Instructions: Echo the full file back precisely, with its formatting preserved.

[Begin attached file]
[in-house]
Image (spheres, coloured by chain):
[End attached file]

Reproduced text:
[in-house]
Image (spheres, coloured by chain):